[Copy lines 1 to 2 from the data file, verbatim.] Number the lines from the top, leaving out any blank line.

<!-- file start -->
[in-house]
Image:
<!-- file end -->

[in-house]
Image: